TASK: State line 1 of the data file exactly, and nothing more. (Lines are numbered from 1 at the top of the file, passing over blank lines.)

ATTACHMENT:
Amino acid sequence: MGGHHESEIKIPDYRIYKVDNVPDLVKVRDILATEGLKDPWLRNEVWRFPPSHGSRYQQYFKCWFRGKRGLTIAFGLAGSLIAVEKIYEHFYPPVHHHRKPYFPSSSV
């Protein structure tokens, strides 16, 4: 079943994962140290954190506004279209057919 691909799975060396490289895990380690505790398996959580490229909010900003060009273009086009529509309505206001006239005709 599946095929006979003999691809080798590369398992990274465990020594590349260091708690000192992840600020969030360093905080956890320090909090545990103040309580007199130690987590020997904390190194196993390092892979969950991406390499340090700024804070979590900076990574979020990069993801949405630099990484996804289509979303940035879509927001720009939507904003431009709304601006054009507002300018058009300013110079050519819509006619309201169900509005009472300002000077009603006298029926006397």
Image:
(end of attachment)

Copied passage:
Amino acid sequence: MGGHHESEIKIPDYRIYKVDNVPDLVKVRDILATEGLKDPWLRNEVWRFPPSHGSRYQQYFKCWFRGKRGLTIAFGLAGSLIAVEKIYEHFYPPVHHHRKPYFPSSSV